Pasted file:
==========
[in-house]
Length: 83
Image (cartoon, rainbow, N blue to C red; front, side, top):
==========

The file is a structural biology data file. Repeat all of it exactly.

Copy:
[in-house]
Length: 83
Image (cartoon, rainbow, N blue to C red; front, side, top):